Northwestern Wisconsin girl with rare form of cancer shares community's generosityAlannah Gillis enjoyed riding her bike, reading “Junie B. Jones” books and playing with her baby brother. But on Aug. 3, the 7-year-old from Webster, Wis., received news that changed her life but hasn’t broken her spirit.
By: Katie Wielgos, St. Paul Pioneer Press
Alannah Gillis enjoyed riding her bike, reading “Junie B. Jones” books and playing with her baby brother. But on Aug. 3, the 7-year-old from Webster, Wis., received news that changed her life but hasn’t broken her spirit.
Her mother, Angie Peterson, had taken her daughter to two doctors who diagnosed the problem as a bladder infection and anemia. Peterson knew something more was wrong when her usually active child chose to sit on the couch playing Wii instead of jumping on her trampoline.
Peterson decided to speak with another doctor in her hometown of Webster. “‘Mom-to-mom, I need to know what’s going on,’” she said to Dr. Leah Jacobs, of the Ingalls Clinic, on Aug. 1.
Jacobs had the diagnosis two days later. It was something her parents didn’t expect — a cancer they never even had heard of.
Alannah had neuroblastoma, a cancer typically found in and around the adrenal glands. This cancer is rare in children older than 5.
“It hit us like a ton of bricks,” Peterson said.
Though Peterson said there “wasn’t a dry eye for a month,” among the family, Alannah was the one who stayed positive.
“‘It’s going to be OK; we’re going to get through this,’ ” Peterson said, echoing her daughter.
After the diagnosis, Alannah’s treatment began at Children’s Hospital of Minnesota. Peterson and Alannah’s father, Steve Gillis, had no car and used Alannah’s grandmother’s car.
Allanah’s grandmother, Sherry Gillis, told the news to her boss Jason Hansen, owner of Zia Louisa’s Italian Restaurant in Webster. He immediately turned to Elmer “Jay” Emery for help planning a benefit to pay part of Alannah’s medical expenses. Emery met with his colleagues on the Tribal Council of the St. Croix Chippewa Indians of Wisconsin and managers from three St. Croix casinos to arrange a two-part benefit.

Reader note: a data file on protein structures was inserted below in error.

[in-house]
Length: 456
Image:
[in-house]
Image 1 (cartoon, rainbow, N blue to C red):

The casino part of the fundraiser lasted 19 days, giving part of the money raised from food and beverage sales to Alannah. Emery said the casinos’ goal was to raise $10,000.
They raised $87,236.
A Sept. 22 benefit at Zia Louisa’s raised about $98,000, bringing the total from both fundraisers to more than $185,000.
“It was wonderful to see all of us, Native and non-Native, work together for a common cause,” Emery said in a statement, “because when you get down to it, we are all one.” Peterson was shocked by the turnout.
“I didn’t know 90 percent of the people at the benefit,” she said, “so it was pretty touching and amazing to have all those people there.” Sherry Gillis thought the benefit would raise only about $6,000 so Alannah’s parents could get a cheap car. “But it just kind of snowballed and got huge,” she said.
Alannah wanted to do some giving of her own, so she donated $17,700 back to the Children and Families Fund of the St. Croix Tribe. The donation helped fund two Christmas parties for more than 600 St. Croix tribal children.
Alannah wasn’t done yet. She found out the Star Studio — a TV show made in the hospital — lacked toys to give as prizes to the kids. She didn’t hesitate to give the $2,000 raised from the bracelets the family sold that say, “God doesn’t give me what I can’t handle.” Alannah had surgery Nov. 30 to remove her right cancerous adrenal gland and has had five chemotherapy treatments. Her last treatment will be Wednesday, allowing her to be home for Christmas.
Alannah is healing and feeling pretty good, her grandmother said. She does, however, have an 8-inch incision from her side to her belly button.
But it will be a while until Alannah is fully recovered and done with treatment. After chemotherapy, she will have at least three weeks of visits to the hospital for radiation, another three weeks of appointments for a stem cell transplant and then six months of antibody injections.
“We never do anything alone,” Peterson said. She said she’s thankful for all the help from her community.
Alannah is grateful, too.
“I have the best family. I just love them so much,” she said.
Donations are being accepted at any U. S. Bank in Wisconsin under the account Benefit for Alannah Gillis. To learn more of Alannah’s story and to track her progress, visit her website at caringbridge.org/visit/alannahgillis.